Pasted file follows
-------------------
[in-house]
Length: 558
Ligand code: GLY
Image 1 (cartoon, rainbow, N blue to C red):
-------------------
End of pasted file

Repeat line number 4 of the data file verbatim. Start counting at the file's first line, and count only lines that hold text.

Image 1 (cartoon, rainbow, N blue to C red):